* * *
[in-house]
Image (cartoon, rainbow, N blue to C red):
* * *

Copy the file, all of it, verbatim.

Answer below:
[in-house]
Image (cartoon, rainbow, N blue to C red):